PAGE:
Pension Scheme Savers to be Given Greater Say on How Funds Are Invested

September 21, 2021

Pension scheme managers may be given significantly more control over how savers’ money is spent, it has been announced.

Publishing its recommendations, the Taskforce on Pension Scheme Voting Implementation (TPSVI) said the move will see “significant strides towards safer, better and greener pension schemes”.

It comes after the independent group, chaired by Simon Howard, the former CEO of the UK Sustainable Investment and Finance Association, was asked to assist with voting system issues.

Under existing regulations, pension scheme managers surrender their voting rights to vote at the Annual General Meetings (AGMs) of the companies they invest in when pension funds are invested in pooled funds.

It means the majority of asset managers “have not always been prepared to engage with their clients’ voting preferences”, such as climate risk management, diversity, or pay.

But the recommendations, if accepted, would give greater powers to asset managers, potentially leading to more ethical and greener pension schemes.

The three main recommendations are:

  1. That pension scheme trustees should either set a voting policy of their own, or explicitly accept responsibility for those policies exercised on their behalf by their asset managers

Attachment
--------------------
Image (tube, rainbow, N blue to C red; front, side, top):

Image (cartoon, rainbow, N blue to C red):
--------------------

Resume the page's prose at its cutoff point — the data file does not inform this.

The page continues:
2. All asset managers are to offer asset owners the opportunity to set an “expression of wish” as to how votes are exercised on their behalf, regardless of how they invest
  1. The Financial Conduct Authority (FCA) should clarify that there is no breach of fund rules in acting on an expression of wish; and set expectations of asset managers for better disclosure of voting policies, more granular and comparable reporting of how votes are cast, and more comprehensive explanations for those votes.

Commenting on the report, Minister for Pensions and Financial Inclusion Guy Opperman said: “This is about giving pension savers a voice in how their hard-earned savings are being looked after.

“I see no reason why trustees shouldn’t be able to determine their own high-level policies – on areas such as climate risk management, diversity, or pay – and find an asset manager to implement it.”

Mr Howard added: “Our recommendations will give asset owners – such as pension schemes – a louder say in voting in pensions.

“There are two principal goals. First; by boosting the owner’s voice and influence over their agents we can ensure that the whole system works to better guide investee companies.

“Second; we will let the people paying into pensions know that their views are being considered, boosting the support pensions saving will receive. Both are necessary for better pension outcomes.”

Click here to access the TPSVI report.

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